GR_Day2_Data Storage System

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Data Storage System, Model
Output & Analysis Tools
PRECIS Workshop, Exeter, 27th – 30th May 2014
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Contents
• Data locations
• STASH codes
• File naming convention
• PP analysis utilities
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$ARCHIVEDIR
• PRECIS outputs its data to a directory within the
$ARCHIVEDIR directory
• $ARCHIVEDIR/RUNID
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The STASH code
• Each variable type (temperature, precipitation, etc.) from
the model is written to a separate directory defined by
that variable’s 5-digit ‘STASH’ code
• $ARCHIVEDIR/RUNID/03236
• 03236 = Mean temperature at 1.5m
• $ARCHIVEDIR/RUNID/05216
• 05216 = Mean total precipitation
• For a full list, see Appendix C of the PRECIS technical
manual
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Output file naming convention
• Files follow this general pattern:
• [RUNID]a.[file type][Date].[STASH code].[format]
• Examples:
•abdaba.pji9140.03236.pp
•abdaba.pji9140.03236.pp
• All filename types are listed in Appendix D of the technical
manual
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Data analysis utilities
included with PRECIS
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Output Data format
• The PRECIS models output data in the PP binary data
format. This is the Met Office’s own format.
• Conversion tools are provided to convert PP data to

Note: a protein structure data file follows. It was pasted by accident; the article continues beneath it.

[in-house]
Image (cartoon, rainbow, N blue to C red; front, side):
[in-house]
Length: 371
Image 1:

• netCDF
• Grib (for GrADs)
• ArcInfo ascii (e.g. for GIS/spreadsheets)
• See Section 6.2 of the technical manual for further
discussion.
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Analysis Utilities
• To use the output data in any way, you will need to
make use of some kind of data analysis software utility
• The utilities GrADs, Ferret and CDAT are included on
the PRECIS DVD, but no training in the use of these is
given nor will any technical support in their use be
provided!!!
• There is a suite of data analysis tools for PP data
which are installed as part of PRECIS and are fully
supported by the PRECIS team
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Questions
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The UM Date Stamp (reference)
• Reduces number of characters used in setting date
• First digit indicates the decade:
[0-9a-z]
• Actually number of decades since 1800. E.g.:
• 0  1800-1810
• a  1900-1910
• g  1960-1970
• r  2070-2080
• Second digit indicate year in decade
[0-9]
• Third digit represents month:
[1-9a-c]
• Fourth digit is the day of the month:
[1-9a-v]
• Fifth digit is the hour of the day:
[0-9a-o]
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Some examples (reference)
• r4c10
• 0:00z 1st December 2074
• h93ab
• 11:00z 10th March 1979
• j3jun
• June 1993
• l35eb
• 11:00z 14th May 2013
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“Climate Mean” Output
(reference)
• For models with a 360 day calendar (such as those
driving the HadAM3P GCM) up to four climate meaning
periods may be set
• These allow for long timescale means to be calculated
within the model (rather than by the user)
• Choice of means is determined by a comma separated
list representing shortest to longest
• Meaning periods are nested, and each one is specified
by how many multiples of the previous (shorter) period
it is.